Then there was T.R. Baalu, the minister for shipping in the last government, under whose jurisdiction the government broke up the natural coral reefs between India and Sri Lanka to everyone’s horror — so as to build shipping lanes that were not likely to be of significant use. At the time, the government flouted its own environmental laws to build the Sethusamudram channel and angered Sri Lanka for disregarding the joint impact.
At last, Sardar Manmohan Singh has bared his teeth. In his own, mild-mannered way, he has shown that he will not be pushed around. Congress president and chairman of the new coalition, Sonia Gandhi went to the PM’s residence in the middle of the night in the hope that a way could be found — but the PM would not relent.
This, then, is going to be the mood for the next five years. Manmohan Singh, whose economic policies gave India an unprecedented GDP growth of 8-9% in the last four years (before the economic downturn hit the country), is expected to give a new fillip to this process. The difference is, that this time, the aam admi or the common man will not be buffeted by the slings and arrows of coalition partners pulling in different directions and seeking personal fortunes.
The PM has decided that governance is the new mantra. His own clean and honest image underlines the fact that the government means business. Corruption is out for a variety of reasons, including political. The Congress knows that Mayawati, the Dalit leader who swept Uttar Pradesh in state polls two years ago, was swept into the dustbin of history this time because she was seen to have not only enriched herself to the exclusion of her state subjects, but also thrown all modesty to the winds.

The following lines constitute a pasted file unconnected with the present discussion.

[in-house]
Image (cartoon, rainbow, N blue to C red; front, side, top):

If Lucknow, the old capital of Uttar Pradesh, looks like the new Rome, then the blame or credit — call it what you will — should go to Mayawati. Huge domes on the other side of the Gomti river, allegedly paved with titanium and surrounded by stone elephants which, in turn, flank statues of Mayawati and other Dalit leaders, are the new talk of the town. The cost of this massive self-aggrandisement, government sources concede, is a cool Rs 500 crores.
That is the real lesson of these elections: In Uttar Pradesh or in West Bengal, where the Left Front government has been in power for the last 32 years, the Indian voter is no longer willing to kowtow to empty hubris. If you have something to be arrogant about, then you have to state what it is. Everything else is sheer pretence.